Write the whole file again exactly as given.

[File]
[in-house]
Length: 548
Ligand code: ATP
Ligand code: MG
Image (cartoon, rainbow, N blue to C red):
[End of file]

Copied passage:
[in-house]
Length: 548
Ligand code: ATP
Ligand code: MG
Image (cartoon, rainbow, N blue to C red):